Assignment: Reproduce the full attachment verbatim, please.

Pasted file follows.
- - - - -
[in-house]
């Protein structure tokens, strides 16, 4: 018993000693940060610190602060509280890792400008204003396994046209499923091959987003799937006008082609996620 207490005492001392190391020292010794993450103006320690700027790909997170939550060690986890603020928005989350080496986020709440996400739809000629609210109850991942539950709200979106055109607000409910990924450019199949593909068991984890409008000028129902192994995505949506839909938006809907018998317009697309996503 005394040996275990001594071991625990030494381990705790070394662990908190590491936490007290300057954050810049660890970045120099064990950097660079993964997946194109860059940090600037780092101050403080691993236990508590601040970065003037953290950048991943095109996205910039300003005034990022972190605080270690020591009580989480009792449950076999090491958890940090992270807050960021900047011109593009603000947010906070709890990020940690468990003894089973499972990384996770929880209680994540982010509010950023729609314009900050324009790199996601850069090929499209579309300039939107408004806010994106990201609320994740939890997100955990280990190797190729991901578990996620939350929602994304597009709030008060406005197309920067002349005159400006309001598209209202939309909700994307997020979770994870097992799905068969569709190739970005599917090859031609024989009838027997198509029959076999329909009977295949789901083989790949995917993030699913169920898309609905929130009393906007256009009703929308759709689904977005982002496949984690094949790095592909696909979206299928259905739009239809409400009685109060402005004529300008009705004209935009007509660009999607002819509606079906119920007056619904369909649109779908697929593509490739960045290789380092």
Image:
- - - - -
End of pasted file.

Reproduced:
[in-house]
């Protein structure tokens, strides 16, 4: 018993000693940060610190602060509280890792400008204003396994046209499923091959987003799937006008082609996620 207490005492001392190391020292010794993450103006320690700027790909997170939550060690986890603020928005989350080496986020709440996400739809000629609210109850991942539950709200979106055109607000409910990924450019199949593909068991984890409008000028129902192994995505949506839909938006809907018998317009697309996503 005394040996275990001594071991625990030494381990705790070394662990908190590491936490007290300057954050810049660890970045120099064990950097660079993964997946194109860059940090600037780092101050403080691993236990508590601040970065003037953290950048991943095109996205910039300003005034990022972190605080270690020591009580989480009792449950076999090491958890940090992270807050960021900047011109593009603000947010906070709890990020940690468990003894089973499972990384996770929880209680994540982010509010950023729609314009900050324009790199996601850069090929499209579309300039939107408004806010994106990201609320994740939890997100955990280990190797190729991901578990996620939350929602994304597009709030008060406005197309920067002349005159400006309001598209209202939309909700994307997020979770994870097992799905068969569709190739970005599917090859031609024989009838027997198509029959076999329909009977295949789901083989790949995917993030699913169920898309609905929130009393906007256009009703929308759709689904977005982002496949984690094949790095592909696909979206299928259905739009239809409400009685109060402005004529300008009705004209935009007509660009999607002819509606079906119920007056619904369909649109779908697929593509490739960045290789380092």
Image: